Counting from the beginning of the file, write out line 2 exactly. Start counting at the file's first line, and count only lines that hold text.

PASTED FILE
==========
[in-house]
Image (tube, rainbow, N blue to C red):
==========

Image (tube, rainbow, N blue to C red):